Sunday, April 24, 2005

Pope Benedict (N-1) and influenza

Much is being made (see, for example, the wikipedia entry) of the new pope's choice of professional name, Benedict XVI, particularly the allusion to the previous Benedict (XV):
. . . the previous Pope Benedict XV was seen as a conciliator who calmed the disputes between modernist and traditionalist factions with the Church, and the adoption of the name Benedict has been seen as a sign that Benedict XVI has similar goals. Additionally, Der Spiegel reports on an interview with Cardinal Meisner, usually regarded as close to Ratzinger, stating that he chose Benedict because of Benedict XV who "did much for peace in the world".


However, John Allen, the new pope's biographer and a longtime Vatican observer, told CNN on April 20, 2005, that the choice of name also appears to be a purposeful allusion to the fact that the previous holder of the name Benedict was shortlived in office. Ratzinger's brother has stated that he hoped that his aged brother would not be elected to the papacy due to the pressures of the office and the fact that in 1991, Cardinal Ratzinger suffered a brain hemorrhage. Given this history, Allen noted, "So I think he has a very keen sense that this may not be a very long pontificate and there's an awful lot to do."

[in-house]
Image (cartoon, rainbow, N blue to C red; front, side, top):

I won't weigh in on theological matters, here, but can't resist making some historical observations about the previous Benedict, Giacomo della Chiesa, (November 21, 1854 – January 22, 1922), who was Pope from September 3, 1914 to 1922. della Chiesa succeeded Giuseppe Sarto (professional name, Saint Pius X), who himself was extremely conservative, condemning the "modernist" agenda of trying to assimilate "modern philosophers like Kant" into church doctrine. Both della Chiesa and Sarto were staunchly opposed to WWI (as Wojtila was opposed to the Iraq war) and both were strongly anti-Socialist, as was Wojtila (see the Encyclical Ad Beatissimi Apostolorum - Appealing for Peace - 1 November 1914). So there are clear historical parallels.

A parallel we hope doesn't hold is that della Chiesa (Benedict XV) was pope during the 1918 - 1919 influenza pandemic and in fact died of influenza complicated by pneumonia at the age of 67 in 1922.